We’re all familiar with examples of research misconduct (Marc Hauser being a prominent recent example), but there are plenty of other less deliberate and more insidious ways science can lie to itself. These include publication bias, choosing a method of statistical analysis that gives the desired answer, etc. Those are worth discussing, but this post will focus on an informative and (to me anyways) humorous example of embroidered data, which is when a series of misrepresentations of a data set build upon themselves, with the end result and the inferences drawn from it having little connection to reality. I feel such embroidery happens easily as we filter the literature through our biases and limited abilities of retention. Most examples may not be as egregious as the following, but they are still failures of science to regulate itself.
THE KAIBAB DEER (this figure is taken from Colvinaux’s 1973 textbook, “Introduction to Ecology.”)
The Kaibab plateau is an area bordering the Grand Canyon that had undergone a series of disturbances from fires, sheep and cattle grazing and finally, predator removal (which occurred after it was designated a park by Teddy Roosevelt).
A subsequent increase in the deer population (Figure 1a) was documented by Rasmussen’s 1941 monograph, “Biotic Communities of the Kaibab Plateau, Arizona.” The apparent increase was attributed to the removal of top predators. The solid circles represent the park supervisors’ estimates, the open circles represent those of visitors to the park. A contemporary wildlife biologist would probably roll his or her eyes at either method, but common sense would suggest that supervisors, who spend far more time in the park, would give more accurate estimates. At the least, both estimates are represented and their sources noted in Rasmussen’s original paper.
Aldo Leopold (yes, that Aldo Leopold) started the real trouble by basing a publication figure on the curve drawn to fit the visitors’ estimates (Figure 1b). Two problems should be apparent, 1) the second, and presumably more accurate estimate is ignored and 2) he only reproduced the fitted curve drawn by Rasmussen, which is obviously not an actual best-fit curve as it is drawn to intersect the maximum. Furthermore, the shape of the curve is altered: the left-hand side of Leopold’s curve has a sigmoid shape suggestive of a population undergoing logistic growth. This is what we would expect of a population released from a key restraint. The right hand side shows a sharp decrease, characteristic of a population that has exceeded its environment’s carrying capacity. These alterations suggest that the ecological ideas Leopold wished to illustrate biased his interpretation and reproduction of the data.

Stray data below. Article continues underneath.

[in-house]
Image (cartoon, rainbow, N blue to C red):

Finally, Leopold’s modifications were codified in Allee’s 1949 ecology textbook, “Principles of Animal Ecology (click here for the original figure) (Figure 1c). His comments on the figure thus became accepted fact, while the data they were originally based on is completely obscured.
So what can we take from this example of embroidery? In a narrow sense, predators do not control prey abundance as closely as is commonly thought, as habitat recovery and mitigation of other anthropogenic disturbances probably had a larger effect in the case of the Kaibab deer. (here’s a badly scanned pdf of the chapter I took the figure from if you want more information).
The larger point is obvious: “Look at the data,” to quote my adviser who first showed me this figure. Science works best when methodology is transparent and a cautious, sound interpretation of the data is suggested. It also means that we must read the original papers that are the basis of the theory or phenomenon that we’re investigating. Just about every new grad student has had that point made to them, followed by enough demands to make such historical literature (as arcane and opaque as they often are) the first thing triaged, , but it is necessary if science is to successfully regulate itself.